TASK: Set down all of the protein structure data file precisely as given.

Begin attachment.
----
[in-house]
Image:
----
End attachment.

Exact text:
[in-house]
Image: